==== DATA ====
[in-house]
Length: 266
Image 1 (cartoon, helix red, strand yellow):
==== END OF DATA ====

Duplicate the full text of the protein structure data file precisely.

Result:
[in-house]
Length: 266
Image 1 (cartoon, helix red, strand yellow):